Is it just me …


© NASA The object in the middle of this image, sitting alone within a star-studded cosmos, is a galaxy known as ESO 486-21. ESO 486-21 is a spiral galaxy, albeit with a somewhat irregular and ill-defined structure, located some 30 million light-years from Earth. The NASA/ESA Hubble Space Telescope observed this object while performing a survey — the Legacy ExtraGalactic UV Survey (LEGUS) — of 50 nearby star-forming galaxies.

… or does this image render you weak at the knees too? It came to my attention via the ubiquitous Twitter where its 124 characters read: During a survey of galaxies, @NASA Hubble telescope spotted a galaxy in the process of forming new stars.   Carefree as you please: couldn’t sound more normal, pedestrian, dull even.

Whining whenever possible about the ghastliness of our graceless times, the balm of reflecting on the third side of that coin is a Restorative. If we have the technology to see across 30 million light years, why do we not see what’s on our doorstep? [Just to be clear, the distance of a light year in miles = 5.879 × 1012 or 5.88 trillion]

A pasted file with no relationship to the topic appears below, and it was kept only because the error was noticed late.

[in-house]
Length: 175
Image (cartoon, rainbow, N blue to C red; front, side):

Last evening’s perfectly vertical cuticle of new moon is about as much as I can fully grasp. The glorious simplicity radiating the exquisite truth that no matter for how much Arlene Foster nobbles the Government to hide past mis-managements, no matter how deeply this caving-in will inform European negotiators’ approach to nailing the UK for every penny, no matter how bizarre grow the brittle effluvia of #Resident Trump, none of it really matters.

We are inconsequential amid the inconceivableness of the universe: thank goodness nothing we do could disrupt the symbiosis of space objects and their relation to one another. Would that we learnt from such an example.